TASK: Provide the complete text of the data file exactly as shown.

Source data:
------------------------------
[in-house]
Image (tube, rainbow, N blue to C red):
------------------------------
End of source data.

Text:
[in-house]
Image (tube, rainbow, N blue to C red):